15 Sci-Fi Books To Read After Star Wars: The Last Jedi

Craving more sci-fi after seeing Star Wars?  Are Rey & Leia your favorite Star Wars characters? Bummed we still haven’t had a woman direct one of the Star Wars movies? Inspired by Shondaland’s list, we created our own list of 15 sci-fi books written by women!  (Some overlap does occur.  What can we say?  They made a great list!)


Binti by Nnedi Okorafor (2015):Binti embarks on an interplanetary voyage to Oomza Uni, the galaxy’s supreme institution of higher learning. As the first of her people offered such an opportunity, she leaves home without even warning her family of her departure. When the vessel is attacked by the alien Meduse, Binti’s only hope of survival is a pot of native clay-and her exceptional intelligence. Equal parts thriller, adventure, and quest, this work also serves as a timely parable about the power of educating girls. In spite of every possible obstacle, Binti is a girl determined to succeed, whose acute intellect will save her world.” – School Library Journal


Ancillary Justice by Ann Leckie (2013):An ill-fated encounter has forced Breq, the AI commanding the Radchaai troop carrier Justice of Toren, to take up residence in a single commandeered human body, impressive but mortal and no more powerful than any other person. Now this sorry wanderer searches the galaxy for a legendary weapon that may be able to do the impossible: grant Breq revenge on Anaander Mianaai, the many-bodied, immortal ruler of the brutal Radch. A double-threaded narrative proves seductive, drawing the reader into the naive but determined protagonist’s efforts to transform an unjust universe. Leckie uses familiar set pieces-an expansionist galaxy-spanning empire, a protagonist on a single-minded quest for justice-to transcend space-opera conventions in innovative ways.” – Publishers Weekly


The Book of Joan by Lidia Yuknavitch (2017):Yuknavitch’s latest book (after The Small Backs of Children) opens as the quintessential postapocalyptic dystopian nightmare. Life on Earth has been extinguished, and the survivors eke out an existence in the orbital habitat known as CIEL. These survivors, as the price of their entrance, get to live only 50 years. Forty-nine-year-old Christine tells the story of how the martyred hero Joan opposed the world domination of maniacal leader Jean de Men, which brought about the geo-catastrophe. The surviving humans have lost their hair, skin color, and sexual organs and have also developed a literary tradition of electrosurgical branding on skin grafts, of which Christine is a virtuoso. After news arrives that Joan, publicly executed years ago, is still alive on the wasted earth, the novel shifts to Joan’s point of view: she has supernatural powers and can even raise the dead, but only for a day. We learn her life story and watch as she joins with other rogue humans, regains power and influence, and unites with Christine in CIEL to combat evil. This ambitious novel encompasses a wide canvas to spin a captivating commentary on the hubris of humanity. An interesting blend of posthuman literary body politics and paranormal ecological transmutation.” – Library Journal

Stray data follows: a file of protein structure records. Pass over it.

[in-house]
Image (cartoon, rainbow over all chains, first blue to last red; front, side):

Parable of the Sower by Octavia E. Butler (1993): “Hugo and Nebula Award-winner Butler’s first novel since 1989’s Imago offers an uncommonly sensitive rendering of a very common SF scenario: by 2025, global warming, pollution, racial and ethnic tensions and other ills have precipitated a worldwide decline. In the Los Angeles area, small beleaguered communities of the still-employed hide behind makeshift walls from hordes of desperate homeless scavengers and violent pyromaniac addicts known as “paints” who, with water and work growing scarcer, have become increasingly aggressive. Lauren Olamina, a young black woman, flees when the paints overrun her community, heading north with thousands of other refugees seeking a better life. Lauren suffers from `hyperempathy,” a genetic condition that causes her to experience the pain of others as viscerally as her own–a heavy liability in this future world of cruelty and hunger. But she dreams of a better world, and with her philosophy/religion, Earthseed, she hopes to found an enclave which will weather the tough times and which may one day help carry humans to the stars. Butler tells her story with unusual warmth, sensitivity, honesty and grace; though science fiction readers will recognize this future Earth, Lauren Olamina and her vision make this novel stand out like a tree amid saplings.” – Publishers Weekly